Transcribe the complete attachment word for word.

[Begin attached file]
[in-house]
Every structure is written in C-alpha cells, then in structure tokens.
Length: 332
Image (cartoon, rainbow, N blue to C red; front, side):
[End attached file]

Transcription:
[in-house]
Every structure is written in C-alpha cells, then in structure tokens.
Length: 332
Image (cartoon, rainbow, N blue to C red; front, side):